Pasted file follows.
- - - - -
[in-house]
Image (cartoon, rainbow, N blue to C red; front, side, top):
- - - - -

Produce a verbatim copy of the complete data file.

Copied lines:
[in-house]
Image (cartoon, rainbow, N blue to C red; front, side, top):